Home / Autumn 2012 / The Security Scientists
The Security Scientists
By Merrill Balassone
At USC, the first U.S. Department of Homeland Security-funded Center of Excellence fights terrorism with game theory, computer algorithms and weapons of social science.
HEATHER ROSOFF HAD IT all planned out. She’d spent weeks figuring out how to obtain radioactive material. She’d looked for blueprints on bomb construction. She’d scoped out abandoned industrial spaces suitable for bomb building and collected maps showing the layouts of her targets: the ports of Los Angeles and Long Beach.
So perhaps she shouldn’t have been startled when two government agents banged on her front door one morning. The stone-faced men flashed their badges, insisting she answer some questions. Right now.
“At first I thought it was a joke, so I didn’t let them in,” recalls the assistant research professor from the USC Price School of Public Policy. But mentally reviewing her sinister-sounding research, she could see how it might be misconstrued.
Rosoff never determined exactly why “the suits” showed up on her doorstep, but she had been “playing terrorist” as part of a USC study on the likelihood of a bomb attack spewing radioactive material throughout the ports.
The potential attack could cripple operations there, costing billions a day. The researcher had perhaps played her role too well.
Years ago, those from the shadowy world of counterterrorism might have bristled at the idea of university scholars treading on their turf. Not anymore.
Rosoff’s work was conducted just months after USC opened the country’s first university-based terrorism research center funded by the U.S. Department of Homeland Security (DHS).
Launched in 2004 with a three-year, $12 million DHS grant, the National Center for Risk and Economic Analysis of Terrorism Events — known as CREATE — is a “living laboratory,” says the center’s director, Stephen Hora. It brings together more than 100 researchers from fields as disparate as psychology, computer science, mathematics, economics and public policy, all intent on identifying the next potential terrorist attack before it happens. DHS has twice renewed the grant, pouring another $26.3 million into CREATE.
“It’s not a natural instinct for the intelligence or homeland security community to get universities involved, because universities are so open and free thinking,” says risk analyst Detlof von Winterfeldt, a professor with USC Price and the USC Viterbi School of Engineering. Von Winterfeldt, who co-founded and formerly directed CREATE, teamed with Rosoff to create the bomb simulations in the ports of Los Angeles and Long Beach.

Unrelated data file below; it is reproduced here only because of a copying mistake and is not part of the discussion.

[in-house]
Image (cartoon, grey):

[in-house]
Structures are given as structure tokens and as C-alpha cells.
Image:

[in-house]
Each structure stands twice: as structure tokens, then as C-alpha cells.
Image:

“The value of a university center is to put some rationality and creativity into the decision making on security,” von Winterfeldt says.
IN 2001, JUST MONTHS AFTER 19 men armed with crude weapons hijacked four planes and killed nearly 3,000 people, USC researchers gathered in downtown Los Angeles, anxious to know how their expertise might help protect the nation from the next terrorist threat.
Randolph Hall, vice president for research in the Office of the Provost, convened that first meeting, knowing the university already possessed sufficient expertise to staff a world-class terrorism research center. USC faculty members had studied nuclear power plant safety in the wake of Chernobyl, created a mini-Internet to serve as a test-bed for cyber-security efforts, and trained more than 20,000 professionals in aviation safety.
“Many people were studying homeland security and terrorism in a controlled environment — in government labs or private institutes, with constraints on what they could publish and how they could communicate,” says Hall, a systems engineer who formerly worked for General Motors. “But as a university, we could have open debates on the different threats and different strategies. We could do something special.”
IT’S 8:48 A.M., and computer scientist Milind Tambe is in the bowels of an East Hollywood subway station, watching as a team of Los Angeles County sheriff’s deputies pat down a fare jumper some 20 feet away.
The suspect, tattoos ringing his neck, glowers at the deputies. Little does he know it is the USC professor, busily tapping notes into his smartphone, who helped engineer his run-in with the law that morning.
Tambe developed Assistant for Randomized Monitoring Over Routes (ARMOR), a sophisticated software system that spits out intricate patrol schedules for law enforcement, helping police not only catch criminals but also scour trains with bomb-sniffing dogs. Because the schedules are randomized, they have no discernible pattern to, say, assist a potential terrorist casing a target.
Tambe’s research is rooted in game theory — a mathematical approach to predicting how conflict might play out between adversaries, be they countries at war or corporations seeking a leg up in the marketplace.
He applies the rules of a “leader-follower” game, commonly used to predict the behavior of competing businesses. After 9/11 Tambe wondered: Could this chess-like strategy be applied to counterterrorism, where a faceless adversary — or follower — could be lurking, looking for patterns or vulnerabilities in the leader’s movements, and waiting to exploit them.
“The problem is a game, and computer science allows us to solve some very big games,” Tambe says.
The rules of this game involve limited security resources, a large number of potential targets and a terrorist adversary who will react and adapt. If badly played, the outcomes can be horrific.
That’s why the patrol schedules ARMOR generates aren’t completely random. The system is smart enough to “load the dice,” providing greater protection to what’s most vulnerable or important, such as a heavily trafficked subway stop or airport terminal.